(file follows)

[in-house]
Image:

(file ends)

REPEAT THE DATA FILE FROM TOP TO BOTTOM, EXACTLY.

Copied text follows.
[in-house]
Image: